Iron (Fe) is one of most the important nutrients for phytoplankton growth in the ocean, making it a crucial element in the regulation of the ocean carbon balance and biogeochemical cycles. Atmospheric deposition of Fe to the ocean has been increased due to human activities, which can significantly alter the marine ecosystem. These necessitate a comprehensive understanding of how the ocean Fe cycling operates and how it will respond to human perturbations.
Hydrological extremes, including both extreme precipitation events and droughts, have profound impacts on human life, health, and socioeconomic well-being. U.S. hydrological extremes are dynamically connected to large-scale meteorological patterns (LMPs) (e.g., atmospheric blocking events, cutoff-low systems, and cyclones/anticyclones) and planetary-scale climate modes (PCMs) (e.g., El Niño Southern Oscillation and Pacific Decadal Oscillation).
The Atlantic Meridional Overturning Circulation (AMOC) transports warm surface water northward across the equator, carrying heat from the Southern to the Northern Hemisphere. AMOC plays a central role in the global redistribution of heat and precipitation during both abrupt and longerterm climate shifts. Over the next century, AMOC is projected to weaken due to greenhouse gas warming, though the skill of these projections is dependent on a better understanding of how AMOC changes are forced, including the evolving states of its constituent water masses.
The goal of this work has been to create a comprehensive picture of planetary ice shells given the fact that ocean derived ices behave as multiphase reactive porous media. Furthermore, it seeks to assess the implications this has on the geophysics and habitability of ice-ocean worlds such that testable predictions can be made that relate observable features to interior properties and processes.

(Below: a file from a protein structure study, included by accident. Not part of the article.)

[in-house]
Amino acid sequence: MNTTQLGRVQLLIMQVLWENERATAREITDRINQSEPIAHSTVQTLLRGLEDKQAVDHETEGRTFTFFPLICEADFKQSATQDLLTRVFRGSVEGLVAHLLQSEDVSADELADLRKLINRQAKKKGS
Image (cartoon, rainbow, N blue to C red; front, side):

Nitrogen oxides (NOx = NO + NO2) play crucial roles in the formation of ozone, aerosol, and acid rain which are unfavorable to human health, climate, and ecosystem stabilities. NOx is emitted by both anthropogenic and natural sources, such as fossil fuel combustion, soil bacteria, lightning, etc. Accurate knowledge of NOx emissions is essential for relevant scientific research and air pollution control policies.
Characterization of the surface deformation related to the 2012
moment magnitude (Mw) 7.6 Nicoya earthquake was undertaken using
continuous and campaign Global Positioning System (GPS) observations. This
location is uniquely situated to monitor megathrust conditions as the peninsula
extends to within 60 km of the trench. The entirety of the postseismic and
relocking period were considered, totaling 5 years. Seismic observations were
also included, to cumulatively elucidate the timing and spatial extent of
The magnetosphere of Uranus is far from well known since there was only one fly-by measurement in history. In order to study the magnetosphere and its coupling mechanism with the solar wind, we used our multifluid magnetohydrodynamics (MHD) model [Cao and Paty, 2017] to successfully simulate the variation of the global magnetosphere of Uranus and have predicted potential favorable reconnection locations.
The airborne dust has been well recognized to have a significant impact on the climate system at varying spatial scales (through direct, indirect, and semi-direct effects), on biochemistry (providing marine phytoplankton with iron nutrient), and on human health (causing severe disease) during the past decades. However, current estimations of these effects are still very uncertain because the dust cycle involves many complex physical and chemical processes in the atmosphere at different spatial and temporal scales, as well as the state of surfaces prone to the dust emission.
We present results from a three‐dimensional simulation model of the complex plasma environment near the Jovian moon Callisto. Beneath Callisto’s icy crust possibly lies a liquid saltwater ocean, properties of which can be constrained through magnetic induction signatures generated by Jupiter’s time‐varying magnetospheric field.